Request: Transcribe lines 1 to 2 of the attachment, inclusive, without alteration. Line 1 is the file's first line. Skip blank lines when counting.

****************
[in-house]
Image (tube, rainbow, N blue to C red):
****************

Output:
[in-house]
Image (tube, rainbow, N blue to C red):